The Codori Farm and Emmitsburg Road at Gettysburg viewed from Federal lines. The 2nd Battalion, Georgia Infantry assaulted across this field July 2, 1863.
Photo by Maj. William Carraway

1874 to 1917

The 2nd Battalion was reorganized June 15, 1874 in the Georgia Volunteers, precursor to the Georgia National Guard. The battalion was expanded and reorganized January 23, 1891 as the 2nd Regiment of Infantry. Elements of the 2nd Infantry were mustered into federal service in May 1898 for the Spanish American War and returned to state control in November 1898.[vi]

On July 2, 1916, the 2nd Regiment of Infantry was mustered into federal service and dispatched to the Mexican Border. For the next eight months, the Infantrymen patrolled the border from El Paso, Texas to Noria, N.M. in support of Brig. Gen. John J. Pershing’s punitive expedition.[vii] The regiment returned to Macon in March 1917 but remained in federal service. In August 1917, Companies B, C and F of the 2nd Georgia were reorganized as the 151st Machine Gun Battalion. The 151st would serve with the 42nd Infantry Division during World War I. The remaining companies of the 2nd Georgia Infantry were redesignated the 121st Infantry Regiment on October 1, 1917.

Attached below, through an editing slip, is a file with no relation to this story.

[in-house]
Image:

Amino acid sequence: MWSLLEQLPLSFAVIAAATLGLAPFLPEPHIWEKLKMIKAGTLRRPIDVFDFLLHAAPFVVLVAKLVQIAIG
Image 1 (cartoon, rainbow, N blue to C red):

CAMP WHEELER, Macon, Ga., February 5, 1918 – 121st and 122nd Infantry Regiments, on a road march at Camp Wheeler, Macon, Ga. Feb 5, 1918.
Photo 4670, NARA.

Colonel Thomas and the Gray Bonnet Regiment

The commander of the 121st Infantry Regiment in the years leading up to World War I was Col. James Adrian Thomas Jr. of Macon, Ga. On November 18, 1912, Col. Thomas assumed command of the 2nd Infantry. Shortly after assuming command, Thomas designated the 121st Infantry Regiment the Old Gray Bonnet after the popular song "Put on your Old Gray Bonnet" by Stanley Murphy and Percy Wenrich which was first released in 1909.[viii]

The 121st departed for France October 5, 1918 aboard the transport USS Orizaba. Arriving in the port of Brest, France the 121st was compelled to remain onboard until the ship could be unloaded. It was in the harbor that Col. Thomas, beloved regimental commander, died of pneumonia October 16 having never set foot in France. He was 48.[ix]

Reeling from the loss of their commander, the Soldiers of the 121st were dealt a second blow. Having reached Le Mans October 22, the Soldiers of the 121st were informed they would be parceled into replacement units rather than enter combat as a regiment. Having trained so long for combat, many of the Soldiers of the 121st would reach the front lines just as the war was coming to a close.[x]